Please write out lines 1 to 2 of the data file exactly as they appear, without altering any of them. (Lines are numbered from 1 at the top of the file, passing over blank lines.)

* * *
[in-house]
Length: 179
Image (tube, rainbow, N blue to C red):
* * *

[in-house]
Length: 179